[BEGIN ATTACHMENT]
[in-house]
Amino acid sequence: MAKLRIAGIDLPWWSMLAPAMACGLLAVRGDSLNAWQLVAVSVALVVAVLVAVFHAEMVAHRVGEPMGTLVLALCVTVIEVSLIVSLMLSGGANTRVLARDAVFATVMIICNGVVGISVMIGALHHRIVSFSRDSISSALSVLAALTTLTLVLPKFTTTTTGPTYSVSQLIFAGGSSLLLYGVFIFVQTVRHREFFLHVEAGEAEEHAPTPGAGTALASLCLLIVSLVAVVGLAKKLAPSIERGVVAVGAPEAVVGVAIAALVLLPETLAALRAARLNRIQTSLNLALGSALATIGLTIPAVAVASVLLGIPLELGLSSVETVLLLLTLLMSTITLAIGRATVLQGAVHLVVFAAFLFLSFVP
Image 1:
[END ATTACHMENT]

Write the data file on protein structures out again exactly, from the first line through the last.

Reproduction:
[in-house]
Amino acid sequence: MAKLRIAGIDLPWWSMLAPAMACGLLAVRGDSLNAWQLVAVSVALVVAVLVAVFHAEMVAHRVGEPMGTLVLALCVTVIEVSLIVSLMLSGGANTRVLARDAVFATVMIICNGVVGISVMIGALHHRIVSFSRDSISSALSVLAALTTLTLVLPKFTTTTTGPTYSVSQLIFAGGSSLLLYGVFIFVQTVRHREFFLHVEAGEAEEHAPTPGAGTALASLCLLIVSLVAVVGLAKKLAPSIERGVVAVGAPEAVVGVAIAALVLLPETLAALRAARLNRIQTSLNLALGSALATIGLTIPAVAVASVLLGIPLELGLSSVETVLLLLTLLMSTITLAIGRATVLQGAVHLVVFAAFLFLSFVP
Image 1: